[QUOTE=Breezy2011;2097698]Maybe you will be a great trainer someday. But you are going to have hard row making it without a mentor, and without working up under good trainers. And be hard to get customers who will pay the big money to buy horses to compete at the top, without you being known as an assistant to someone who is valued.
That is exactly what Palomine said.
Learn to read for context. And see if you can follow along here in this post.
I am coming at this from YEARS of being in the horse industry...and my father was a Saddlebred trainer, as well as worked on King Ranch in TX, and had Plantation Walking Horse barn in late 20's. When I was younger? I could walk into any Saddlebred barn I wanted to, and walk out employed. Why? Because they knew my father, and they knew who I had groomed for...and that spoke volumes. They didn't even need to try me. They knew by the trainers I'd worked for.
To get a good start in this industry, you have the option of going to a college with a good equine program, or going to work for a good trainer, one who is respected in his discipline/breed and has a strong customer base of customers who can afford the type of horses it takes to win.
Doesn't matter the discipline/breed. Matters the trainer. Is he good, is he gentle and takes good care of the horses? Does he turn out winners both with the horses and the riders? Does he conduct himself with integrity? Do people feel safe spending hundreds of thousands of dollars on a horse and taking it to him to train?
I've sent $300,000.00 Saddlebreds into the ring with the trainers I've worked for. I've ridden a 5 gaited Saddlebred mare valued at $275,000.00. I've handled a BROODMARE valued at $250,000.00 dollars, and ridden a reining horse valued at $100,000.00, as well as ridden a cutting horse valued at $65,00.00. I've handled 100,000.00 QH stallions that were cutting bred, and used for ranch stock colts. And those zeros and decimal points are in the right place. Do you think if I was some fool who was smart mouthed to boot, as you apparently are, I would have even been allowed on the grounds?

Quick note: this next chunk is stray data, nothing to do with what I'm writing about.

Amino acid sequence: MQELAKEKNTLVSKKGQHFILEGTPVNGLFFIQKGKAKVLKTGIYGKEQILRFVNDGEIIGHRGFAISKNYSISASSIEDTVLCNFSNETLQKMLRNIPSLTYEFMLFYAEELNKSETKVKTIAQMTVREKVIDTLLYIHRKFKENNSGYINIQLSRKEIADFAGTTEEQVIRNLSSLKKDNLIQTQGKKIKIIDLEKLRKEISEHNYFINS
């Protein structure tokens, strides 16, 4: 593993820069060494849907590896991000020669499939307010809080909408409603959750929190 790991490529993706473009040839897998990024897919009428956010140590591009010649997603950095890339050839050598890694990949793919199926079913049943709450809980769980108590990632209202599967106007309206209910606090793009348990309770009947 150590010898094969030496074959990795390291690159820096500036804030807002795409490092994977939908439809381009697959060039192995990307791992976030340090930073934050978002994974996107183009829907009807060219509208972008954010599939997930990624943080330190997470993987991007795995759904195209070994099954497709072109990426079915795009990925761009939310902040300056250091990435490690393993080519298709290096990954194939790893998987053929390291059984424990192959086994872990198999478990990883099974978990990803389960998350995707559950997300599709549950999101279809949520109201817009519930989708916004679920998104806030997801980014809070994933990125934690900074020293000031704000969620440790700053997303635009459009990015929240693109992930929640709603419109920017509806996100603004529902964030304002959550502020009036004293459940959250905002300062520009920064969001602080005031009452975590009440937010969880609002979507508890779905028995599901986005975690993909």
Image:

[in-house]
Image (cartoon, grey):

The show string I was responsible for when I was grooming Saddlebreds years ago, in the 80's? Was valued at over a million dollars. When we shipped? 13 million dollars in horse flesh walked up that trailer ramp.
The grooms I worked with during those years? Are now training full time and most of them are well respected and do very well.
They learned from the best, were seen by customers as having learned from the best, so when those owners were looking for new trainers? Do you think they searched out a no name? Or someone that knew what they were doing and that the owners recognized from having seen at their old trainers?
And furthermore? If any of them had acted like you have been to people who are giving you sound advice, NONE of which you have been remotely grateful for? You would have been dismissed and I guarantee you this. You would have been relegated to the lower type trainers, and done good to get that job too. And people seeing you with those type trainers? Would be loath to hire you simply for that fact.
And it is like that in every industry with horses. No matter the breed. And we all talk...FB has seen to that, and it is much easier than ever for horse people across the board to interact with others all over the world. I can within minutes contact people of all disciplines, and all breeds, and if I don't know them personally, I can get an introduction to them merely by typing.
That means that if someone is bad help, or rude, or know it all? That spreads quickly.
You've basically spit in the face of everyone who has offered advice to you. And lied about what I wrote on top of that.
Horses make me a better person.